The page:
McDonald’s in India
McDonald’s began operations in India in 1996. The fast-food chain started making profits after it broke even in 2008. Reports suggest that McDonald’s two subsidiaries in India, Connought Plaza Restaurants based in New Delhi and Hard Castle Restaurants in based in Mumbai posted accumulated losses of Rs 189.19 crore and Rs 119 crore in fiscal 2008. A total of Rs 211.41 crore of accumulated losses for fiscal 2008 for the company. India and China continue to be high-growth markets for McDonald’s. The top management felt that McDonald’s had achieved tremendous brand success in India and there was nothing extraordinary about accumulating losses and that McDonald’s India was not a unique case as the company was making losses similarly in many other markets.
What McDonald’s is doing to increase the footfalls and increase the store utilisation?
McDonald’s menu is recognized world over for its affordability. A McDonald’s store gets an average of 3,000 walk-ins every day in each of its 165 restaurants in India. Typically, a customer visits a McDonald’s store twice. The key is to make that customer visit the McDonald’s store a third time so that the existing store space and rent can be leveraged further. Earlier attempts by McDonald’s to do so included adding breakfast to its menu, longer hours of service, setting up of kiosks etc. Eventhough breakfast was on its menu globally, it was on launched on a trial basis in India.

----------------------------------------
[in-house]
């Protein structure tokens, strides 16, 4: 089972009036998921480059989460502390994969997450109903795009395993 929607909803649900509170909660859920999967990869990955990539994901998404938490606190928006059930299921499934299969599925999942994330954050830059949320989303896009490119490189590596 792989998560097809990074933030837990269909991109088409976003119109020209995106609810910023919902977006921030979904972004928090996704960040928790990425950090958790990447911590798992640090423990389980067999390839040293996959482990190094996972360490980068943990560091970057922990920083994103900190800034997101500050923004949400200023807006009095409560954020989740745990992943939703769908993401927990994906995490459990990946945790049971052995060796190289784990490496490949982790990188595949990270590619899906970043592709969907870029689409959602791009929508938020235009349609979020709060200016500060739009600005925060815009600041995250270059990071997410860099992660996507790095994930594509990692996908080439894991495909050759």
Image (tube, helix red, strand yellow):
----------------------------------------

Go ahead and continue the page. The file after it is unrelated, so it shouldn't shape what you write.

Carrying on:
However, McDonald’s had a ‘snack joint’ tag in India. To overcome this McDonald’s added a lunch and dinner menu.
McDonald’s Pricing Strategy in India
In September 2009, McDonald’s announced reduction in prices by almost 25% for its lunch and dinner menus. Prices for its extra-value meals like McVeggie and McChicken were reduced to Rs. 85 and 95 respectively from Rs. 110 and 120 respectively. Typically a meal consists of burger, French fries and soft drinks. This strategy was surprising as it came at a time when food prices were increasing by the day. Cutting prices in such times did not make sense. But the management in India was convinced that tweaking the prices of it combo meal offering would help customers prefer McDonald’s as a lunch and dining destination as well.